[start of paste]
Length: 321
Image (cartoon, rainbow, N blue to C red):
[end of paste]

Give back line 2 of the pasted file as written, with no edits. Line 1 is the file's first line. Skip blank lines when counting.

Image (cartoon, rainbow, N blue to C red):